Living Frugally: Healthy AT Retirement

As mentioned in other Savvy posts, physical and fiscal health are both very important and closely linked. We know that healthy eating, exercise and being in a supportive environment all contribute to physical health which help us remain frugal and fiscally fit. We know fruits, veggies, nuts and legumes provide us with the vitamins and nutrients we need to build muscle, fight off diseases, remain energetic and keep up with those demanding youths in our lives.

Many documentaries such as Fat, Sick & Nearly Dead have shown that making healthy choices can help us get off medication (consult your doctor), cure diseases and maintain a high quality of life.

Well, here’s a connection you may not have considered … we need to make healthy choices now so we are physically able to do what we want at the time of retirement.

I love the elderly. I have respect for those who have made it through rough times, gained high levels of maturity and are vast sources of wisdom. However, I do not wish to age as many retirees have. I refuse to be hunched over, diseased, discolored and lethargic if I can help it.

I made a decision in 2009 to only eat organic and to not eat out since most restaurants don’t have non-meat options. I also find natural, at-home remedies for whatever ails me. I can honestly say my grocery expenses dropped about 50% and I hardly have a reason to see a doctor. In fact, while working at a call center in Idaho Falls my significant other and I noticed that when everyone else was missing work – and consequently the pay – due to sickness, we weren’t. We continued earning money while they lost wages and spent money on doctor visits and medication. That’s significant!

I’ve recently joined CrossFit in an effort to stay healthy as possible. (No I don’t pass out after every workout.)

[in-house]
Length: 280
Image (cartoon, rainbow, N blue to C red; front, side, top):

ChalkMonkey CrossFit near my home in Pasadena, Texas charges $125 for an unlimited number of training days per month. This is money well-spent because it’s exactly the style of training I need – intense, 100% all out – and it contributes to a healthy routine which becomes a habit that will follow me into retirement and beyond. In addition, the owner/head instructor, has proven knowledgeable in helping me get in shape while protecting both of my back injuries. I’m already enjoying several benefits; but the one I feel is most significant is improved mental sharpness. I can be absent-minded, I’ll admit that. But both eating well and regular exercise help keep me focused and at my mental best.

As mentioned previously, the documentary Fat, Sick & Nearly Dead showed real-life examples of multiple folks who were able to reach such a higher level of health that they no longer needed their prescription medications. Some were on multiple meds. I’m certain they were happy to no longer have that financial burden on their shoulders. Let’s face it, medications are very costly these days.

Question: Does it make any sense to save, invest, reduce debt, etc. just to hit 65 years of age and not have the physical ability to travel, volunteer, complete your bucket list, etc? No, it doesn’t. So why not start now – develop a healthy, frugal routine – forge it into a habit and watch it serve you not only physically but fiscally too?

Am I saying you have to give up meat and join CrossFit? No. While I highly recommend both, they’re not the right path for everyone. You can join a gym, do Pilates @ home, eat less saturated fat, get more sleep, eat more veggies, etc. Evaluate your health, do research, consult your doctor and act accordingly. The choice is yours. We need to recognize that healthy, frugal choices now will lead to a fiscally sound and physically healthy retirement. Period.

James
 

James retired in 2005 after serving 21 years in the United States Army. During the latter part of his career, James' interest in personal finance was piqued based on his own experiences and observations of the way most Americans plan – or more accurately, fail to plan – for retirement and the difficulty many face in starting the process. His most valued education has been lessons learned from personal experience and through conversations with smart, savvy friends.

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